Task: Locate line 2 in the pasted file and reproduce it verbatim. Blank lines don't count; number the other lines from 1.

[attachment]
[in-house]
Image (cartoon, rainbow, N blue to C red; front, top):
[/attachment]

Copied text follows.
Image (cartoon, rainbow, N blue to C red; front, top):